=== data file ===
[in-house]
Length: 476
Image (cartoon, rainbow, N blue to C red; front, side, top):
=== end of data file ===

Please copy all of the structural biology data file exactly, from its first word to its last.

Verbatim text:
[in-house]
Length: 476
Image (cartoon, rainbow, N blue to C red; front, side, top):